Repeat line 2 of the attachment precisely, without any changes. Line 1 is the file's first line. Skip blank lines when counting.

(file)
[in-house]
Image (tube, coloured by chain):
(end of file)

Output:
Image (tube, coloured by chain):